It will be ten years, to the day, that Kim Jong-un will have been officially presented by his father to the North Korean people.

It is therefore a very symbolic military parade that North Korea is organizing on Saturday, October 10, for the 75th anniversary of the Workers' Party.

Soldiers by the tens of thousands, missiles, a mysterious "new strategic weapon" and a great spectacle to the glory of power ... A show of force "unprecedented in the history" of the regime, according to the BBC.

The regime reportedly required 32,000 troops to take part in the celebrations, according to NK News, one of North Korea's leading news sites.

This would be almost three times more than during the parade for the 70th national day in 2018.

Mysterious "new strategic weapon"

The training ground for this kind of festivities, located not far from the Pyongyang air base, has also been enlarged, with the construction of two additional roads and a dozen warehouses where equipment and vehicles can be stored. military, such as mobile missile launchers, reveal satellite images obtained in early October by the 38 North site, specializing in news from the Korean peninsula.

But the highlight of the show will not be the ballet of soldiers crossing Kim Il-sung Square in Pyongyang.

"The big question is to know what type of armament will be presented to the elite of the regime, gathered for the occasion", underlines Robert Kelly, specialist in inter-Korean relations at the National University of Pusan ​​in South Korea, questioned by the conservative American magazine The National Interest.

These military high masses have often allowed Pyongyang to show off its technological progress both in the field of military nuclear power and in that of more conventional weapons, such as its ballistic arsenal.

It was during a parade in 2017 that the North Korean army had, for the first time, unveiled its intercontinental missile capable of reaching North American territory.

And this year, observers expect Kim Jong-un to use the anniversary to stage a mysterious "new strategic weapon."

The North Korean leader first revealed his existence in December 2019, and rumors have been circulating about him for more than ten months now.

The most likely hypothesis "is that it is a solid-propelled intercontinental ballistic missile," said Antoine Bondaz, a specialist in North Korea at the Foundation for Strategic Research (FRS), contacted by France 24 This type of long-range weapon is much easier to move and faster to deploy than the liquid-powered missiles currently available in North Korea, which require a fuel tank to always be nearby.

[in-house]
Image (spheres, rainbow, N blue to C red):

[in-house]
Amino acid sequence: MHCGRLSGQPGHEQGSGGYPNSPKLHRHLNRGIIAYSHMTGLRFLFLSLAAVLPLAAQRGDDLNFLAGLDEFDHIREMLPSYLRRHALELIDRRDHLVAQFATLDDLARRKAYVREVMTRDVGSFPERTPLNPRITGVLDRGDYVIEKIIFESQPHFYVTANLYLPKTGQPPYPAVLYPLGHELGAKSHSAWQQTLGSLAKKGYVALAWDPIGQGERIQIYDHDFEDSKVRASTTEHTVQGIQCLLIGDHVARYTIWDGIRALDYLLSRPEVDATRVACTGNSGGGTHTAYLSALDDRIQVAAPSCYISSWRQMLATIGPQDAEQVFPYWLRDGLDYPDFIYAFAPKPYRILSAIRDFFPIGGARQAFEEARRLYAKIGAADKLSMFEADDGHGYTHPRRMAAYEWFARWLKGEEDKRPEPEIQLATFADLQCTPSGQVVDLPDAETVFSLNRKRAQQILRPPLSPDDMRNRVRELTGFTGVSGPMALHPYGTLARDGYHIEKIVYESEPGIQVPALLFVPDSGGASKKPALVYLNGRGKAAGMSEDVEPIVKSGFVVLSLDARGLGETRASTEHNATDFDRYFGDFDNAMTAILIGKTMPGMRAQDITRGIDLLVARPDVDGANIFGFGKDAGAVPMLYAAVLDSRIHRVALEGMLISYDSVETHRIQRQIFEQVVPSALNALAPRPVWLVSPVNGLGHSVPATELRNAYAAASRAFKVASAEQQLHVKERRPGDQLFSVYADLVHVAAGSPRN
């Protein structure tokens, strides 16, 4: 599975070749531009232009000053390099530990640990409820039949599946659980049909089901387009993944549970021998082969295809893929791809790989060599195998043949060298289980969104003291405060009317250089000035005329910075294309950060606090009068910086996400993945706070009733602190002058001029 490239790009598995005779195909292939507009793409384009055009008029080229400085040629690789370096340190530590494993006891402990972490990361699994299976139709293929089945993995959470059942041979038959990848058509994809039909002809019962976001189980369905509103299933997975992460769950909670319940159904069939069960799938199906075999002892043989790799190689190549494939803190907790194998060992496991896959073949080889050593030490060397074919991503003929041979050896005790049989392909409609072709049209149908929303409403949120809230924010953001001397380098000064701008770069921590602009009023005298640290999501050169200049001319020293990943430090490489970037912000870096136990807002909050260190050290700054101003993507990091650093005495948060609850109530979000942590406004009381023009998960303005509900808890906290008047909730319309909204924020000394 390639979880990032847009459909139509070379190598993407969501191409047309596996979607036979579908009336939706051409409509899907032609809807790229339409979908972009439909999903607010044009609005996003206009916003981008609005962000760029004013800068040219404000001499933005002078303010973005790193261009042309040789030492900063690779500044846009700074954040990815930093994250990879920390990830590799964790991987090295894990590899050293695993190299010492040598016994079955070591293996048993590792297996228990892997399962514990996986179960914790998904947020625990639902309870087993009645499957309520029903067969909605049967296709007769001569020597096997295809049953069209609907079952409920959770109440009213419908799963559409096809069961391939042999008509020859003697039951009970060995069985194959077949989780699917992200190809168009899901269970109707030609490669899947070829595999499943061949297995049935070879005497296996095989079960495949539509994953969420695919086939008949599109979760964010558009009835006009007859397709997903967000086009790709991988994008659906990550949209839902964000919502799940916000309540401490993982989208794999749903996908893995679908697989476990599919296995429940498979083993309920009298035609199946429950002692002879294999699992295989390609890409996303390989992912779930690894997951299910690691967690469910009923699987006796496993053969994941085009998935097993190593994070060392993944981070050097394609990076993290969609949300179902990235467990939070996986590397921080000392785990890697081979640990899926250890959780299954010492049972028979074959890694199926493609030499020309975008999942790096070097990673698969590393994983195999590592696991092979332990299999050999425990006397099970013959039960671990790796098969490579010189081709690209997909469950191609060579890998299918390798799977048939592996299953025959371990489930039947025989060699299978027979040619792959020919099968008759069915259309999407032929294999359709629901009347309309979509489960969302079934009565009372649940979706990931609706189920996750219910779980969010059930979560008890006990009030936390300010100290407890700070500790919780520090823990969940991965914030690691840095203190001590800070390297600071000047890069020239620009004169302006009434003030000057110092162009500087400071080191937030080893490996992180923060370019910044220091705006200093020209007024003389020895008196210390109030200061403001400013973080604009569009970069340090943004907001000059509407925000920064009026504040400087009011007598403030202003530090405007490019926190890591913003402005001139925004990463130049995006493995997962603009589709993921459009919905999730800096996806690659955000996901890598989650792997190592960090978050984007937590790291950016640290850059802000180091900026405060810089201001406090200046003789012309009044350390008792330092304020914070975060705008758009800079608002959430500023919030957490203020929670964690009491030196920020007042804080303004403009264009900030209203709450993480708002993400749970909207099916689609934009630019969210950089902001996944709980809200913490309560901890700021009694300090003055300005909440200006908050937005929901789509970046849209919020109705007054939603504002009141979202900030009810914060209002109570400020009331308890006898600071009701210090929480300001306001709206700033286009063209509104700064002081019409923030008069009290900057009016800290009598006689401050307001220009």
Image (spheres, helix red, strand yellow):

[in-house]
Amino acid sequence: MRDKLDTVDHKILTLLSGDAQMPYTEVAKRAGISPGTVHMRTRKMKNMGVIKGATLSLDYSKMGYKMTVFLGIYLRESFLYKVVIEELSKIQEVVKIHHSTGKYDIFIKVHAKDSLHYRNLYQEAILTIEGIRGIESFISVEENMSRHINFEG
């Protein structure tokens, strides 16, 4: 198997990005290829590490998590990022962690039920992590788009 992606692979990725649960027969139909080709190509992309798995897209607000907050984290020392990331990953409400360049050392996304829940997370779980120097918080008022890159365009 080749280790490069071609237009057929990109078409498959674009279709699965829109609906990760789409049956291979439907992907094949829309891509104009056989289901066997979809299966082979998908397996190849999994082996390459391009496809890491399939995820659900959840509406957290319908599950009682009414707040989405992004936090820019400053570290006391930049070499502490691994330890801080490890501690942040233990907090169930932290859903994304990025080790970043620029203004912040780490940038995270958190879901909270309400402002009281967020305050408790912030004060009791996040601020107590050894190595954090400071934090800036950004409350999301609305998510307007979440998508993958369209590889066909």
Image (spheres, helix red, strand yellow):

In other words, "these more mobile weapons pose a much greater threat to the United States and South Korea because they are less easy to destroy in the event of a preemptive attack," notes Eric Gomez, strategy specialist. US military in Asia for the Cato Institute, an American conservative think tank.

Reassure national opinion

If Pyongyang really has such a missile, it "would be the perfect showpiece for the party's 75th anniversary parade," said Sojin Lim, co-director of the International Institute of Korean Studies in Preston (UK), contacted. by France 24.

She believes, in fact, that the regime needs "to make a show of force to reassure national opinion at a time when the authorities are facing major internal challenges".

The global pandemic prompted North Korea to impose very severe travel restriction measures within its borders, which did not help an already very fragile economic situation.

The country has also just been hit by several typhoons which caused significant material damage.

Finally, Kim Jong-un announced at the end of September that the country was not going to meet the five-year economic goals it had set itself and that it was launching an "80-day battle" to revive the economic machine. .

Clearly, he warned already tired North Koreans that "more sacrifices should be made," says Sojin Lim.

Displaying, during the parade, a new improved weapon "serves to demonstrate that North Korea remains a great country capable of technological prowess, which should boost the morale of the population and convince them to make the required efforts", concludes the co-director of the International Institute of Korean Studies.

Waiting for the 46th President of the United States

Of course, it is also a way of signaling to the world, and to the United States in particular, "that despite the sanctions and the international context, Pyongyang remains capable of improving its arsenal", underlines Sojin Lim.

But with regard to the international community, North Korea "is not going to be too provocative during these celebrations either," she adds.

"It's going to be a parade of waiting," confirms Antoine Bondaz.

Kim Jong-un does not know who will be his interlocutor in the United States after the presidential election on November 3 and also does not know on which foot to dance with the new Japanese Prime Minister, Yoshihide Suga.

Lifting the veil on his new mystery weapon should be enough.

The speech that Kim Jong-un must give on the occasion of the parade should not be too belligerent towards the United States, according to the two experts interviewed.

No need to arouse the ire of Donald Trump and possible reprisals a few weeks before a possible change of president.

Above all, Pyongyang wants to keep its best cartridges in reserve for one of its favorite hobbies: welcoming a new White House tenant with a provocation.

It is probably no coincidence that Kim Jong-un has moved the date of the 8th Congress of the Workers' Party to the end of January… to coincide with the taking office of the future 46th President of the United States.

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